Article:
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“Unfortunately, antisemitism remained in Austria”

The Magyar Nemzet is the main daily outlet of Hungary. Founded in 1938, the Magyar Nemzet (Hungarian Nation) is a reference journal for the conservatives of Hungary. The conservative newspaper is close to the current Hungarian government lead by Viktor Orbán.

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This article has been published online by the Magyar Nemzet on May 29, 2021.

Benjamin Nägele: Our sense of security suffers

“Not only migrants who just arrived to the country are partaking in the anti-Israel and pro-Palestinian protests, but also Austrians with passports who have lived here for two, three, or even four generations” said Secretary General at Jewish Communities of Austria, Benjamin Nägele, regarding Vienna’s wave of protests in May. According to him, in addition to Islamists, left- and right-wing extremists are also united by antisemitism and those protesting pandemic measures are trivializing the Holocaust.

– How have you experienced the anti-Israel protests in Austria of the past few weeks, triggered by the Middle East conflict?
– This isn’t the first time we’re seeing this. Unfortunately, antisemitism has remained here in Vienna and Austria. Of course, it’s renewed not just in Europe but globally as well with every escalation in the Middle East. We of course reacted very sensitively to this, all the more so as our Jewish community has a very personal, emotional attachment to the region. Many of us have friends or family living in Israel who we genuinely worry about. At the same time, we are fully aware that the conflict is being abused incessantly, blurring Israelis and Jews together. Jewish communities are blamed for what’s happening in the Middle East and this is repeatedly leading to antisemitic manifestations that we unfortunately witness in Vienna too. For instance, they glorify Islamist terrorist organizations like Hamas, or they are constantly trivializing the Holocaust. Naturally, our sense of security suffers. We have taken measures, informed members of our community to the issue and we are of course working closely with authorities to thoroughly strengthen security measures.

– How many Jewish people live in Austria today?
– Our community has 7,800 members in Vienna and a total of just over 8,000 throughout Austria. Our Jewish community is very diverse – Orthodox Jewish life for example is also visible in Vienna. It is of course a point of conflict in the Jewish quarter if these anti-Israel demonstrations actually march through the city center and in the immediate vicinity of our services.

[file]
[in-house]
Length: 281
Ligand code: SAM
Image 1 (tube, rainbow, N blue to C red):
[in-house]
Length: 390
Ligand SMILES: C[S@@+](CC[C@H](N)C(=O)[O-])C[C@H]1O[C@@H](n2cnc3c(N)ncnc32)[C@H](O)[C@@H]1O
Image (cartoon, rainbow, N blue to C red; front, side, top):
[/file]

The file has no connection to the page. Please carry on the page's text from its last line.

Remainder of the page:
– The Vienna community also warned its members of the anti-Israel demonstrations were being held the other day on the Mariahilfer Strasse area. Is this the new normal? Citizens should stay at home while extremists take the Vienna streets?
– At the end of last year, there was a terrorist attack right in front of the Stadttempel (Austria’s main synagogue –ed) and in 1981 there was another attack as well. Since then, security has naturally been a very important issue for us. We have been preparing our community members whenever protests are expected. These could be Islamist or Palestinian demonstrations, an anti-Israel protest calling for a boycott, radical right-wing demonstrations or, as was quite frequent last year, protests against the government and pandemic measures. The latter are similarly expressing antisemitic sentiments as they present themselves as victims and trivialize the Holocaust. So, we have a palette composed of totally different elements here: left- and right-wing radicals, Islamists. I would also add however that we never called for people to not leave their homes – this has unfortunately been somewhat exaggerated by the media.

– About 700,000 Muslims live in Austria. Minister for Integration Susanne Raab of the Austrian People’s Party said, “conflicts are being brought to us from abroad.” Do you agree that when people are admitted from conflict zones, their problems, and thus antisemitism, are imported with them?
– Antisemitism was not imported in recent years through the migrant crisis, it was present before. Not only migrants who just arrived to the country are partaking in the anti-Israel and pro-Palestinian protests, but also Austrians with passports who have lived here for two, three or even four generations. I would also point out that these demonstrations are attended by a wide range of types: Turkish nationalists, the Grey Wolves, Hamas sympathizers and right-wing radicals. Their one thing in common is that they are united in their hatred for Israel and, above all, hatred of European Jews.

What would you expect from Austrian authorities? How can the state better protect its citizens?
– Protection is the most important word. The protection of our fundamental and democratic rights along with physical protection. I believe both are very important in a democratic society. We expect and we do receive excellent cooperation with the local authorities. The Jewish community and the city of Vienna in general also have an incredibly high standard of security. Vienna is indeed one of the most beautiful and safest cities in the world and we, as the Jewish community, feel very good here.

László Szőcs